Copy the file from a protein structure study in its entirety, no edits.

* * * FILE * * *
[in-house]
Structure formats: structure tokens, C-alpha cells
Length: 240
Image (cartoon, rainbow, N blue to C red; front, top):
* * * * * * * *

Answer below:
[in-house]
Structure formats: structure tokens, C-alpha cells
Length: 240
Image (cartoon, rainbow, N blue to C red; front, top):